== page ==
The highly-publicised construction development at Newlands cricket stadium has taken "a hell of a knock" because of the nationwide coronavirus lockdown, but plans are in place to ensure that it is completed.
That was the word from outgoing Western Province Cricket Association (WPCA) CEO Nabeal Dien on Wednesday.
Dien is set to step down from his role at the end of the month but he has been heavily involved in the logistics surrounding the development, which has been reported as being worth as much as R750 million.
The project was first announced in March 2019 and, since then, Varsity College and the sports management department of the Cape Peninsula University of Technology (CPUT) have been confirmed as tenants.
According to Dien, the two tenants are still fully on board with the project while a third - a high-profile IT firm - is set to sign a deal that would see them occupy "around 75%" of the letting space.
"It's obviously been a hell of a knock, for everybody, but for the construction itself. It was very much on course, maybe slightly behind, but nothing problematic. This has obviously impacted it," Dien told media in a video press conference on Wednesday.
"I spoke to the development manager this morning and he feels fairly confident that they will still put it right, but they can only really go back to full term construction at level two."
Dien added that the developers had made a special appeal to government to try and get a third of their work force on site to continue with the project.
"There is no crisis yet. Normally with a construction of that size, there is a lot of behind the scenes work in terms of engineering and architecture," he added.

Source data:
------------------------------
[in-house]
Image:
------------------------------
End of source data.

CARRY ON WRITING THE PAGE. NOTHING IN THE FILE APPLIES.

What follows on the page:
"This lockdown has proved useful to catch up with all that work and it has in fact caught up.
"The intention is to try and do 24 hour shifts the moment they get back. The big question is, when?"
Dien said the project would still be on track as long as construction resumed by the end of May with Varsity College looking to occupy their new office space from December this year.
"Anything beyond that, we're going to have problems and the problems will be that we won't be able to deliver a building to Varsity College in time," he said.
The development made further headlines in September last year when Cricket South Africa (CSA) placed the WPCA under administration for its administrative and financial running of the project.
That matter was legally resolved when WPCA emerged victorious in an arbitration hearing.
According to Dien, those issues have been put to bed.
"Those issues are mended, I think. They are our partner and that is my take," he said.
"They are an investor in the project and we have to have a relationship that is positive and constructive. Besides that, they are also our mother body."